Politicians and lobby groups are likely to continue blaming private landlords for the housing shortage largely created by the hostile regulatory environment imposed by the same politicians who want even more draconian laws, finds a new report.
One of the most bizarre aspects of this increased regulatory burden is that both politicians and lobbyists seem oblivious to the fact that the resulting costs will ultimately fall on tenants, according to the Intermediary Mortgage Lenders Association (IMLA).
Its report reveals that the cumulative effects of regulatory and tax changes affecting landlords' business models - together with the recent current sharp rises in buy-to-let mortgage rates - risk putting increasing numbers of private landlords out of business.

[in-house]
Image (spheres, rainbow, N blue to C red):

The report points to the fall-out from rent controls in Scotland, where many landlords have expressed a desire to quit, remarking: 'While such discriminatory policymaking continues, the outlook for the PRS and the tenants who depend on it to put a roof over their heads will be bleak indeed.'�
With two-year fixed-rate BTL mortgage rates above average net yields, producing negative gearing, it explains: 'The relatively sudden increase in funding costs is causing a significant proportion of buy-to-let landlords to fail affordability assessments when seeking to refinance loans.
"Some may seek to exit the market altogether, while others may be obliged to sell some properties and re-balance the debt on their portfolios.'�
Kate Davies (main picture), executive director at IMLA, adds that over the next few years we can expect landlord costs to keep on rising.
She says: 'The focus now needs to be on prompting increased investment in the sector and supporting landlords, whose operating costs risk becoming unaffordable. "If we don't get the balance right, the result will be higher rents, and lower availability of properties '� both of which are bad news for tenants and landlords.'�